Plots: in a relatively fantasy world built on the ruins of an ancient civilization, humans and magical spirits coexist. Since FFF is low-budget, these spirits are simply called fairies; ToZ, on the other hand, works with a bigger budget and refers to its magical people as seraphim. The world seems to be living its own life, but evil lurks everywhere, so our main hero needs to gather a company of local elves and people from all backgrounds and awaken the Great Good in both cases. However, in both worlds, there is a shady knowledge that wants to subjugate the Great Good. But, of course, everything is not so simple, and behind the facade of obvious opponents lies something greater, ancient, and terrifying.

Both games don’t particularly bother with enticing the gamer into their entertaining worlds, relying more on their own enthusiasm. Well, like, since you came, here’s a kind teenage princess with a spear and a desire to do good, here’s an archaeologist with a big bust and an irresistible desire to take off her clothes, and everyone around wants to be your friend and go to hell with you. And, most importantly, they mostly approach you themselves and say, “Let’s be friends!”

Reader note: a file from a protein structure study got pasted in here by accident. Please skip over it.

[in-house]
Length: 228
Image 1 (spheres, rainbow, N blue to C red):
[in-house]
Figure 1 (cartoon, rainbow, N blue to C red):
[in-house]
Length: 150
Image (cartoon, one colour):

Character in an epic battle against a monstrous creature in a fantasy setting

The plot with some money.

Naturally, morning events of love and friendship are constantly interrupted by sudden episodes of “Children under 16”, behind which you can clearly see the faces of artists who drew short skirts and non-childish forms, sighing “Well, you want it yourself” and day after day drawing combat swimsuits. For a dozen different identical projects.

Because Grindan calls.